Measuring your business’s performance is the best, most effective way to determine how well your team’s working and what you can do to deliver a customer experience you’re truly proud of.
After all, CX is due to become the main brand differentiator by 2020, which means all companies need to at their best. But to measure your performance and grow, you have to define your KPIs first.
And they need to be the right ones to suit your business, or you risk wasting everyone’s valuable time and resources.
There are certain factors you have to consider when deciding your KPIs. Let’s take a look at what these are, and how you can make the most of your metrics to maximize performance.
Matching KPIs to your Business
No two companies are identical. Even if they sell the same products, have a similar mission and hire from the same talent pool, each business is its own entity. And this individuality must be kept in mind when defining your KPIs to ensure they’re suited to your brand.
One factor to consider is your goals and objectives. This is paramount to any successful KPI formula. What matters most to your company, in terms of customer experience? What are you trying to achieve every single day? Obviously, you want to leave consumers satisfied, but there’s much more to it than that.
Do you want them to feel as your business will do whatever it takes to secure their loyalty, even if it means bending terms & conditions? Do you want agents to build a strong rapport with each customer and make sure they deal with the same employee whenever they get in touch?
These are just a couple of ideas, but they demonstrate how deeply you should think about your objectives and goals when determining metrics.
Your team sizes will affect your KPIs too. For example, if you run a business in a small niche and only need just a few customer service agents, measuring the average backlog or time spent waiting on hold may not be so important.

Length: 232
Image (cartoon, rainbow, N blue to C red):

But you would still need to pay careful attention to the quality of the customer experience, the average handling time of each interaction and Customer Satisfaction / Net Promoter Scores. You have to really understand what drives your business, what makes you stand out from your competition and how you would like customers to perceive your brand.
If you don’t take the time to match your KPIs to your business this way, you could miss major mistakes or areas demanding improvement.
Combining Related KPIs to Create Insightful Reports
Now we’ve discussed the formula of creating KPIs suited to your business, let’s think about the importance of combining KPIs to come up with proper reports.
Reporting is a crucial component of a successful quality assurance program. Your QA analysts spend hours each day evaluating interactions, gathering data on performance and coming up with strategies to keep improving agents’ work. They need to communicate their findings with agents, team leaders and managers to plan the best, most effective ways to achieve goals.
Reports allow QA analysts to present performance-related information in a readily-accessible, user-friendly format. Management teams will be able to compare the business’s performance with its objectives, and determine what’s gone wrong (if anything) and how it can be fixed.